Expected this summer, Volvo's Polestar 2 takes its cues from fashion and architecture.
By Matthew Dakotah
Photograph courtesy Volvo
First there was the dramatic revitalization of Volvo,
fueled by a fresh design language initially seen in the 2016 XC90 luxury SUV. Next came a new electric performance brand from the long-loved Swedish company and its parent, Geely Auto Group, with the launch of Polestar 1—an ultra-exclusive halo coupe with just 500 cars allocated for its first 2020 model year. Now comes the Polestar 2, an exquisitely crafted five-door fastback—expected this summer—with a distinctive crystal light blade illuminating its rear, and a vegan interior that takes inspiration from high-tech sportswear.
Leading the charge is Polestar CEO and Volvo Chief Design Officer, Thomas Ingenlath. “Of course, both Polestar and Volvo are Scandinavian, so this means a certain type of minimalism is critical for design at both brands,” he says. “But I am a heavy advocate for the two being very different. Volvo gives a sense of community both inside and outside the car. Polestar is much more selfish—it’s about you and the machine.”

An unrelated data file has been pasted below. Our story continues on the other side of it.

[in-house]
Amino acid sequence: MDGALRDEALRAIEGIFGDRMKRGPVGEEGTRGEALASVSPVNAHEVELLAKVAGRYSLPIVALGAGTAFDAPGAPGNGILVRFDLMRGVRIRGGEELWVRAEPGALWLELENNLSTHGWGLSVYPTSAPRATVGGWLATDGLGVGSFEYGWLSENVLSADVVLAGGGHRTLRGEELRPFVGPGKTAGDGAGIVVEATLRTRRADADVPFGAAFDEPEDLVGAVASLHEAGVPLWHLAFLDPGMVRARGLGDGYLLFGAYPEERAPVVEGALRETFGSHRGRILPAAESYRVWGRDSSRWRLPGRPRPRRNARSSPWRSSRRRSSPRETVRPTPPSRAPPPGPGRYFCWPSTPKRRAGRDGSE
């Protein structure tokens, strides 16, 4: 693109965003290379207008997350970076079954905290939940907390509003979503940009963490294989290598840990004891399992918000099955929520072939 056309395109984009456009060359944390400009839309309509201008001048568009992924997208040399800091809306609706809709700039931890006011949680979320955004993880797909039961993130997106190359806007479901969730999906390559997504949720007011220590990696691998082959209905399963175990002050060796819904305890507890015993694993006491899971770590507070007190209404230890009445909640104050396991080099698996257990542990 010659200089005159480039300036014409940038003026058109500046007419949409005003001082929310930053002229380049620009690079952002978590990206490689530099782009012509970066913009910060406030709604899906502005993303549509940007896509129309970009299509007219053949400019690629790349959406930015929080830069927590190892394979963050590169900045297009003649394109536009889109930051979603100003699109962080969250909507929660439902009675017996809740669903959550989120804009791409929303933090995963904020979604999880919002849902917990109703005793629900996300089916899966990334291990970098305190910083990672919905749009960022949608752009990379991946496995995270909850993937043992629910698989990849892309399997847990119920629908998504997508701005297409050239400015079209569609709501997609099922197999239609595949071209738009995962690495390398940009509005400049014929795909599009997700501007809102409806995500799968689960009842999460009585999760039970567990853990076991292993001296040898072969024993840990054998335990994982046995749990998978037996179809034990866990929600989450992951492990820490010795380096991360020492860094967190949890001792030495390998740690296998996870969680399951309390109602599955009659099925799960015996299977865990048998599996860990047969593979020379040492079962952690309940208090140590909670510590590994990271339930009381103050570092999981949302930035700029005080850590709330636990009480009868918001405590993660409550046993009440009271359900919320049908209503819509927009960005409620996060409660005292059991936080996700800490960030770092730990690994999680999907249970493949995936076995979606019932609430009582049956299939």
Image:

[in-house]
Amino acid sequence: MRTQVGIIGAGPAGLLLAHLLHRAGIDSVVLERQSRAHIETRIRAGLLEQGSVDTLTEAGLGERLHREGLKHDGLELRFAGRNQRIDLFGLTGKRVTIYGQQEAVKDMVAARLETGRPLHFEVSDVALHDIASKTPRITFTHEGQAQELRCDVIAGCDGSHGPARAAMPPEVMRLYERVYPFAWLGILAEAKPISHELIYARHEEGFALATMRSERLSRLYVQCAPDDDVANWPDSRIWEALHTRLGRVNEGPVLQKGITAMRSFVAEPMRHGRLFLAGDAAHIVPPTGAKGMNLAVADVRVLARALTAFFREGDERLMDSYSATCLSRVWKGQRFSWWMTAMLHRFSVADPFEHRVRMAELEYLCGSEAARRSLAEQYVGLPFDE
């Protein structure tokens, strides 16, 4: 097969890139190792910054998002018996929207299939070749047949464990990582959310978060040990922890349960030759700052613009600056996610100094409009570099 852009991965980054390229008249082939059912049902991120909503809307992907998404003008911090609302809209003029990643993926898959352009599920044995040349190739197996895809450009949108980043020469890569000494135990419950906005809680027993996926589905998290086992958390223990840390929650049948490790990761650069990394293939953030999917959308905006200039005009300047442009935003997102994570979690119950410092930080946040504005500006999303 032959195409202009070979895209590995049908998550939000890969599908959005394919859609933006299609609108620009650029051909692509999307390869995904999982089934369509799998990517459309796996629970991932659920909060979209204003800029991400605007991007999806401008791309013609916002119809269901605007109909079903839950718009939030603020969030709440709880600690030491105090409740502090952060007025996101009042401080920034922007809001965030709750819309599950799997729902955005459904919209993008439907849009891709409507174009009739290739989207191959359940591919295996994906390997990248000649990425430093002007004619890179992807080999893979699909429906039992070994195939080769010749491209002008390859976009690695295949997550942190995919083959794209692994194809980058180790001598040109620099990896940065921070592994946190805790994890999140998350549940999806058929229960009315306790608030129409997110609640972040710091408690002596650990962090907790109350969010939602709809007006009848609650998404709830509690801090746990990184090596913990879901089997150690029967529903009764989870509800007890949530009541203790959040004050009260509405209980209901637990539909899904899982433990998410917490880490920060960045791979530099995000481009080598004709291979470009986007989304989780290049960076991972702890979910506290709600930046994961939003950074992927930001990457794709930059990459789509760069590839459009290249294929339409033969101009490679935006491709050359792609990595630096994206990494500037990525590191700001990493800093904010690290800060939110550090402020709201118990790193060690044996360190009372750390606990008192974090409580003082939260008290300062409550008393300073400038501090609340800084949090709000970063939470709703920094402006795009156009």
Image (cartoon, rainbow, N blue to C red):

Ingenlath watches both fashion and architecture for, as he explains, “almost opposite reasons”: fashion for cues in materials and color schemes, and architecture for the exterior because “buildings are some of the longest-lasting products you can design.” In the next decade, Ingenlath sees auto innovation centered on two things: the human-machine interface and CO2 neutrality. “The future of luxury means you are doing a good deed—making a thoughtful yet aspirational purchase,” he predicts. When asked how it feels to pursue perfection to such a degree, Ingenlath says, “People underestimate the effort that goes into the last third of the project, which is the hardest part. You have to fight for what’s right in the end product, but it’s worth it.”
We have to agree, as it seems that in Polestar, this designer has found his true north.